The Iranian Strategy: No News is Good News
The headline reads “Iran, Russia Reach Nuclear Agreement, says Asefi”. This prompts a rapid and curious closer look at the article put forth by Iran’s state-run media, the Islamic Republic News Agency, with much curiosity about which parts of the Russian Proposal on uranium enrichment have been tweaked. Answer: None.
The agreement announced by Asefi had nothing to do with any nuclear fuel cycle and everything to do with rhetorical approach. What they agreed to is that, since the matter has left the IAEA and now sits atop the Security Council’s ‘To Do List’, the Iranian Nuclear Crisis “should be settled within the framework of the UN nuclear watchdog IAEA.”
The problem is that the ‘watchdog’ has no teeth. The cooperation the IAEA receives from any nation is based upon a combination of general agreement in nuclear standards and practices and perception of consequences. Those consequences, firmly within the framework of the IAEA, come in the form of handing off dossiers irresolvable by the IAEA, powerless in enforcement on its own, to the UN Security Council for remediation. This is where we are right now.
Yet, Iran has demonstrated no general agreement in nuclear practices and continues to demonstrate their perception that Security Council consequences will be nill to weak, at best.
What this agreement essentially says is, now that the Security Council – who formally requested that the IAEA refer the case to them – has the case, it should be unceremoniously sent right back down for the IAEA to resolve. That the IAEA, lacking any real internal enforcement mechanism(s), could not resolve the matter is of little apparent concern.
This is not a ‘nuclear agreement’. Or is it?
Continuing with the failed IAEA attempts to gain cooperation and compliance is, in the eyes of the Iranian regime, clearly a nuclear agreement. For, the Iranian nuclear program continued to proceed throughout IAEA presence and international negotiations, inconvenience notwithstanding. For Iran, no action is action and no news is good news. If the matter is simply kicked back to the IAEA, ‘strongly worded statement’ or not, it’s back to business as usual and progress as expected.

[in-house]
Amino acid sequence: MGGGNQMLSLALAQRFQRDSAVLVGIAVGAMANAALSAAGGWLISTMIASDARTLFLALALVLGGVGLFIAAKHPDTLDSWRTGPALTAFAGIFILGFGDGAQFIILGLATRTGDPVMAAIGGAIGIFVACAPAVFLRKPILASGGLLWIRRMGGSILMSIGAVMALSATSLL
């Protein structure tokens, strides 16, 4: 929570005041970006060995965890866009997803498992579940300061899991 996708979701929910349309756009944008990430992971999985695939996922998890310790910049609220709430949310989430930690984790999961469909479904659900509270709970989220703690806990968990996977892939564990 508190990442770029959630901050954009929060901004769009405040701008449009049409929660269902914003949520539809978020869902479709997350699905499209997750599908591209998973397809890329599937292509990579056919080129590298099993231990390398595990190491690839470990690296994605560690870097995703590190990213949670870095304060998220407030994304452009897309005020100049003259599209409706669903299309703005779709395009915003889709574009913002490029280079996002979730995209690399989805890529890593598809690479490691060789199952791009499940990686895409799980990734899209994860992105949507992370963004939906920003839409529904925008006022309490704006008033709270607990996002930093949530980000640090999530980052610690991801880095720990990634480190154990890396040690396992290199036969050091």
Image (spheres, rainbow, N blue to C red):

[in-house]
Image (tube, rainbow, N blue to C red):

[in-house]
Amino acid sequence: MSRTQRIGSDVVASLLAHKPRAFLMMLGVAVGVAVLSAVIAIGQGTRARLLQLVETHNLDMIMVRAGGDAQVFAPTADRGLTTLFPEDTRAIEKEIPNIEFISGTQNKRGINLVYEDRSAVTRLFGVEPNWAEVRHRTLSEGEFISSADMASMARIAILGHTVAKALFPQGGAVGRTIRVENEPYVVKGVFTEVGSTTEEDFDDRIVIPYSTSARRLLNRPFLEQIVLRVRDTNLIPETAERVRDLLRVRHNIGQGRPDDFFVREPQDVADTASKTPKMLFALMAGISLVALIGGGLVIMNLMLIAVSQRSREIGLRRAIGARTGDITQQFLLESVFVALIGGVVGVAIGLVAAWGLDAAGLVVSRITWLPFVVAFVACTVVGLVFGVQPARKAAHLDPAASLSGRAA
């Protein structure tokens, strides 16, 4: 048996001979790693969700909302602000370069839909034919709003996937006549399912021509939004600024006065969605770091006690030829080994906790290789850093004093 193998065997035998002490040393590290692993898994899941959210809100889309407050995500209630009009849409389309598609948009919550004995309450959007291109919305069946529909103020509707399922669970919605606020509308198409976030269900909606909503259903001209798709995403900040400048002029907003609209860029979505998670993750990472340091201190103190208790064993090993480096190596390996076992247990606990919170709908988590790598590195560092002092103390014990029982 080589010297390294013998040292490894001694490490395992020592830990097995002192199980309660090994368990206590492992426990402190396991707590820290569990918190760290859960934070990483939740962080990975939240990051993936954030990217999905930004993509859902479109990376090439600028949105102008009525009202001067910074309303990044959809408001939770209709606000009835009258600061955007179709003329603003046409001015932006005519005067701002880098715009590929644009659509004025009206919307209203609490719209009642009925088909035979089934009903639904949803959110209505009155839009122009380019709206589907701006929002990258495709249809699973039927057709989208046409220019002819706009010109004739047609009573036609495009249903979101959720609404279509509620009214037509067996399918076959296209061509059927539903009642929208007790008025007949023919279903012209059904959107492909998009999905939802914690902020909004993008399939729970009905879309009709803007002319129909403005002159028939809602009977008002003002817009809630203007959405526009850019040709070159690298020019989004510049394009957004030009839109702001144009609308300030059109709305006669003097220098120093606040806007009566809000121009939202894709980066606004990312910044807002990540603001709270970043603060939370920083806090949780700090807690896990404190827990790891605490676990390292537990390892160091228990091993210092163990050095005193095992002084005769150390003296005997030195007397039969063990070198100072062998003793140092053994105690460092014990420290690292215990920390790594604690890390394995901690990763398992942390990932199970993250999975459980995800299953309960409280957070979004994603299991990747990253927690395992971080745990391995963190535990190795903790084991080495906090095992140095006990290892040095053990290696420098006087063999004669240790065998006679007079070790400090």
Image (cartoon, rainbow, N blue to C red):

But the British and the French have put forth a forceful proposal to the UNSC demanding that Iran have 14 days to halt uranium work and come into full compliance with the IAEA demands. Clearly, China and Russia are vehemently opposed to any such time constraints and language, including the text “to re-establish full and sustained suspension of all enrichment-related and reprocessing activities, including research and development” and a request for Iran to ‘reconsider’ the building of the Arak heavy water plant, crucial to plutonium production.
While the plan has some time flexibility built in, it is expected that Britain would insist on an agreement to tangible consequences via targeted sanctions for failure to abide. Any proposal with such teeth will surely never pass muster among all members of the Security Council.
On targeted sanctions, the US House of Representatives International Relations Committee voted 37-3 to put forth a measure expanding existing sanctions on Iran, including extending them to include blocking aid to any country extending assistance to the Iranian energy sector, which clearly includes both China and Russia, permanent members of the UN Security Council and currently opposing any measures against Iran.
Both President Bush and the State Department took issue with the measure, calling it too sweeping and counterproductive. State Department legislative affairs chief, Jeffrey Bergner, in a letter to the House Speaker said that such a move would “create tensions with countries whose help we need in dealing with Iran and shift the focus away from Iran’s actions and spotlight differences between us and our allies.” While it is important that the legislative representatives take the Iranian nuclear threat seriously, as clearly this vote indicates, this specific approach may likely be a measure that could be summed up as ‘cutting off your nose to spite your face’.
In Tehran, Iranian President Mahmoud Ahmadinejad insists that pressures on Iran aim only to divert attention from the Israeli-Palestinian crisis. He said that this will never happen and that Iran will never lose focus on the Palestinian issue, adding, “All Iranian people and world free nations declare their hatred of the criminal acts of the US and Zionists by chanting slogans of `Death to the US’ and `Death to Israel’.”
With support for the mullahs’ nuclear weapons sprint increasingly questioned by both the Mejlis (parliament) and everyday citizens, this rallying call focusing on a more unifying cause is to be expected. The Iranian regime may not perceive any Security Council sanctions as likely, but it increasingly makes Iranian citizens nervous. This is a good thing.
Unfortunately, while Iran is determined to resist any pressure from the Security Council over its nuclear program, it is becoming clear that little real pressure on the Iranian regime from that body exists, real or perceived.